School of chess
A school of chess means a chess player or group of players that share common ideas about the strategy of the game. There have been several schools in the history of modern chess. Today there is less dependence on schools – players draw on many sources and play according to their personal style.
In 1749, François-André Danican Philidor published Analyse du jeu des Échecs. This was the first book to discuss the strategy of chess in the whole in detail. It was also the first to discuss the interplay of pieces and pawns in the game. Philidor believed that maintaining the mobility of pawns was the most important strategic factor of chess, and he discussed pawn structure, particularly isolated pawns, doubled pawns, and backward pawns.
Philidor's writings were widely praised and often misunderstood for 90 years. His ideas were taken up by the English school in the 1840s. In 1925 Aron Nimzowitsch recognized the importance of pawn mobility. Philidor has increasingly been recognized as the founder of modern chess strategy.
The Modenese school is due to three 18th-century players known as the Modenese Masters: Domenico Lorenzo Ponziani, Giambattista Lolli, and Ercole del Rio. They recommended playing the Italian Game opening. In contrast to Philidor's idea of pawn structure and mobility, the Modenese school emphasized rapid development of the pieces for an attack on the opposing king, aiming for checkmate or winning material in the process. This style of play was used by Gioachino Greco, Alessandro Salvio, and other Italian players of the 16th century (Sunnucks 1970:309–10).
The English school was founded by Howard Staunton in the 1840s. His followers included Bernhard Horwitz, Elijah Williams, Marmaduke Wyvill, and to some degree Adolf Anderssen and Daniel Harrwitz. In this style, there was no quick attack on the opposing king. Instead, the position was prepared – control was gained over the center and key points. Attacks came only after strategic advantages were obtained. Pieces were developed behind pawns to support their advance. Staunton pioneered the use of flank openings and the fianchetto of the bishop. After Staunton practically retired in 1853, these ideas were neglected.
Romantic chess was the style of chess prevalent in the 19th century. It was characterized by brash sacrifices and open, tactical games. Winning was secondary to winning with style, so much, in fact, that it was considered unsportsmanly to decline a gambit (the sacrifice of a pawn or piece to obtain an attack). It is no coincidence that the most popular openings played by the Romantics were the King's Gambit Accepted and the Evans Gambit Accepted. Some of the major players of the Romantic era were Adolf Anderssen, Paul Morphy and Henry Blackburne. A famous game of this time is the Immortal Game between Anderssen and Lionel Kieseritzky. The Romantic style was effectively ended on the highest level by Wilhelm Steinitz, who, with his more positional approach, crushed all of his contemporaries and ushered in the modern age of chess.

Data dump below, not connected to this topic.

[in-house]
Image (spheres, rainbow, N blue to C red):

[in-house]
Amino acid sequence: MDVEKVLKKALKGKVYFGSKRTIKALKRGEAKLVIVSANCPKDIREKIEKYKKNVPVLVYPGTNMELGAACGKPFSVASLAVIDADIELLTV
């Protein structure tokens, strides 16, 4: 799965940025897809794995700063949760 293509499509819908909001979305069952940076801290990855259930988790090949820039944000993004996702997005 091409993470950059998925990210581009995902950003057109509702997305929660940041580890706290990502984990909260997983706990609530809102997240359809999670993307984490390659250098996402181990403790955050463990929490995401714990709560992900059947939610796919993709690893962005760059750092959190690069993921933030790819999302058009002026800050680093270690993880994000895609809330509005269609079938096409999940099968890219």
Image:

Around 1860 Louis Paulsen realized that many attacks on the king succeeded because of poor defense. Wilhelm Steinitz agreed with that and rejected the prevailing notion that attack was more honorable than defense. Steinitz strengthened defensive techniques and advocated strategic maneuvering to gain enough of an advantage before launching an attack. Steinitz was an advocate of the queenside pawn majority and the use of the bishop pair. He also emphasized occupation of the center of the chessboard and pawn structure. Steinitz began using his ideas in games in 1872. Steinitz had few followers at first, but by the 1890s most masters had been influenced by his ideas. Siegbert Tarrasch was a great promoter of the Steinitz school.
The hypermodern school was founded by Aron Nimzowitsch, Richard Réti, Savielly Tartakower, Gyula Breyer, and Ernst Grünfeld in the 1920s (Averbakh 2012:81). The hypermodernists rejected the idea that occupation of the center was important. Instead, the hypermodern school emphasizes control of the center by attacking it with pieces especially from the periphery. The hypermodern school also denied the superiority of the two bishops (Averbakh 2012:81).
In the 1940s the Soviet Union began a long domination of chess. The Soviet school agreed with Tarrasch and emphasized mobility. A weakness that could not be attacked was not a real weakness. The Soviet school was based on teachings of Mikhail Chigorin (1850-1908).
- Averbakh, Yuri (2012), A History of Chess from Chaturanga to the Present Day, Russell Enterprises, ISBN 978-1-936490-44-8
- Hooper, David; Whyld, Kenneth (1992), "schools of chess", The Oxford Companion to Chess (2nd ed.), Oxford University Press, ISBN 0-19-280049-3
- Sunnucks, Anne (1970), "Modenese masters", The Encyclopaedia of Chess, St. Martins Press, ISBN 978-0-7091-4697-1